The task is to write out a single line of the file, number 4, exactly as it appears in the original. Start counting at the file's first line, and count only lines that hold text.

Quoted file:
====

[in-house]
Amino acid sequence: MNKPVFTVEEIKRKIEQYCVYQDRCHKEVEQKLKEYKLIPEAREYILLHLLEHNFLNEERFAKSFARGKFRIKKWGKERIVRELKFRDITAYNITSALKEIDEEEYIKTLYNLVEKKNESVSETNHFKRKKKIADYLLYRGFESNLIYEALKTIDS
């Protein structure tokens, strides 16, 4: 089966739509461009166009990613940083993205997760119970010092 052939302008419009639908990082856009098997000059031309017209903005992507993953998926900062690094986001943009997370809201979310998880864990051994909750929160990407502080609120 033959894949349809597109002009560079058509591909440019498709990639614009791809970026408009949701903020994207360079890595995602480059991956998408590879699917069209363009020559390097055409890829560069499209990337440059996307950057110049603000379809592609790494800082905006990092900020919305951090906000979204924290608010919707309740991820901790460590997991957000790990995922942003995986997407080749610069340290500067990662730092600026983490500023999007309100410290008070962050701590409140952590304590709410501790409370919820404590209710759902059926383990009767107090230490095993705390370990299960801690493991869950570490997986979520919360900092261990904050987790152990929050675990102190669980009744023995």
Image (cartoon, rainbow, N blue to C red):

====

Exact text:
Image (cartoon, rainbow, N blue to C red):